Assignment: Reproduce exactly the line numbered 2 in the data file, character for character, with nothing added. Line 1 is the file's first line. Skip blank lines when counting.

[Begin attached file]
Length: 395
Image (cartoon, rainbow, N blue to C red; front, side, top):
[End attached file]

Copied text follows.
Image (cartoon, rainbow, N blue to C red; front, side, top):